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  6. Raul Ibanez says:

    Clap clap, clap clap clap, clap clap clap clap, TULO!

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  7. Tim says:

    Evan Longoria Is younger played 1 less season and has almost the same career WAR as Tulo. Tulo is obviously great though.

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  8. Sox2727 says:

    Does the fact the he comes to the plate to a Justin Bieber song have any negative impact on his WAR?

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    • alecthegreat says:

      I wish he’d change that song sooo bad. Whereas it clearly isn’t affecting WAR, I’m pretty sure that Hall voters reject players based off of terrible at-bat songs that they’ve had in their career; I think it’s early enough for redemption though.

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      • Sox2727 says:

        When I went to Coors Field this summer I couldn’t help but die laughing when I heard that the first time he came to plate.

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      • Mr. wOBAto says:

        Last year it was Hannah Montana, the guy definitely has a sense of humor

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  9. tom says:

    if tulo played on a playoff team, he would be the clear choice for MVP. but he plays on a sub 500 team, which nearly kills his chances. ths still doesnt mean he is not the most valuable player in baseball

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  10. Mr. wOBAto says:

    Not to mention he was just coming back from a broken wrist at this time last year, the idea that Tulowitzki is likely to improve should put the NL on notice for years to come

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  11. Nicholas says:

    It appears as though he only hit 27 homeruns last year, not allowing him to hit 30 in back to back seasons – he did hit 32 in 2009.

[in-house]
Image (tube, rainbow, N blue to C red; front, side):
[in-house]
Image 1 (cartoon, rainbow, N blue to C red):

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  12. Neck says:

    i’m sure this is nitpicking but Tulo still has far too many weak pop outs for my liking

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    • Shin says:

      weak pop outs? really? The guy is an absolute stud and you’re asking for less ‘weak pop outs’? Would you like to nitpick about the WAR too? Is that high enough? He isn’t Bow or Barry Bonds, deal with the pop outs.

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      • Ryan says:

        This falls under the “clutch” observation from the main article. If you watch the team every day, which I’ve painfully managed to do this season, he just takes too many of the wrong swings in clutch situations. If he’s up with two outs, with runners in scoring position, I can almost always predict the pop-up to deep short by the look on his face — he puts so much pressure on himself.

        Yes, by every metric we have, he’s one of the best players in the game, but he still needs to learn how to shorten up his swing in clutch situations. There’s still improvement to be made with the other side of the plate too.

        It’s scary to think he actually should be better.

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  13. gtrweqry says:

    http :// www. buygreatshoes. org